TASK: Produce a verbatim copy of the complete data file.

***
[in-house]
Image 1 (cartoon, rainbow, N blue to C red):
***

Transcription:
[in-house]
Image 1 (cartoon, rainbow, N blue to C red):